Sending Alex Abroad: Deciding the Budget

In this series, Aspire by API’s very own Jill Denton writes about preparing for this summer’s Salamanca program from her unique perspective as a mom.

In general, a parent’s budget for a high schooler’s abroad experience will vary widely depending on:

One of last year’s tastier cultural activities involved learning how to cook tradiitonal Spanish paella.

1) Type. Is the program abroad a service-learning, adventure, or study abroad program? Some volunteer programs can be less expensive than study abroad programs.

2) Location/ Program Length. This is the largest determinant of the program price. Most teen programs are 2-4 weeks in length. Typically, but not always, a program in Latin America is going to be cheaper than a European or Asian program.  However with the euro at two year lows against the dollar, European prices are improving.

3) Program depth. Various aspects of a program offering can be more expensive including:

  •   Quality and type of housing
  •   Student insurance included in program price or not, and quality of insurance
  •   On-site support and native speakers as part of the group trip
  •   Number of adult guides to teens ratio
  •   Number and scope of daily cultural events
  •   Number, type and length of excursions (overnight or international)
  •   Meals optional or included in program price.

The budget we set for our teen’s experience was $6000 for a four week study abroad trip, all expenses included.  Expensive sounding!

Last year’s Aspire students took surfing lessons during their excursion to Santander

But is it really that expensive for all that is packed into an international, academic, lifetime experience? Many of the nation’s domestic overnight summer camps for teens range between $4000-$6000 including airfare. Arguably, a language immersion experience overseas seems the richer experience.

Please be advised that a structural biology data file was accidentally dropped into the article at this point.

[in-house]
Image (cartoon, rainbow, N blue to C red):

Here is what the Aspire program included:

  • Airport reception in Madrid
  • A free mobile phone (we would only pay for the minutes Alex used)
  • On-site staff members (including both Americans and native Spaniards), who will accompany the group on the excursions and activities, and are available at all times in case of an emergency
  • Housing in a residence hall with staff supervision—although older students could also opt to stay with a host family
  • Almost all meals
  • Medical and life insurance
  • Tuition fees (some students 16 years or older can even earn college credit)
  • Several overnight excursions and day trips—aside from Salamanca, Alex would be visiting six other cities while in Spain, including an orientation in Madrid and an international excursion to Portugal
  • Social networking opportunities
  • Daily cultural/recreational activities (aside from class, at least one activity was offered per day, but often two or three were included)
  • A student-to-director ratio of 7:1

 

With so much packed into Aspire’s teen study abroad program, we felt like it was an incredible value, and that really helped us arrive at our decision.  Next week, we’ll talk about how Alex plans to manage her own expenses while in Salamanca.

Until then!

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Comments

  1. Will having Spanish staff members help to heighten the experience for Alex by giving her a diversified profile do you think?

  2. Having both American and Spanish resident staff members as part of the support staff for Alex’s teen group offer many advantages including:
    1) Both a female and male American staff will help facilitate the transition both into and out of Spain. As much as we would like teens to immediately embrace and immerse into Spanish culture and customs, we realize that on short-term trips such as this, the transition should be facilitated.
    2) Having a Spanish resident staff member with the group will facilitate academic orientation with the schools, facilitate communication between host family or residencia and any teen issues that may arise, be available to facilitate communication between Spanish doctor and teen should there be a need to visit a doctor or the hospital, as well as facilitate emergency procedures in the most expedient and safest way possible in the host country.

    Teens are in this highly unique position of wanting to be in charge of their own transition, but lacking some experience in matters such as safety. The great thing about ASPIRE by API’s staff is they recognize this, and try to enable teens to make the choices, but with the benefit of some guidance, including guidelines for a safe experience for all.

  3. That’s wonderful the way this is set up. I hope your daughter thoroughly enjoys her whole experience.

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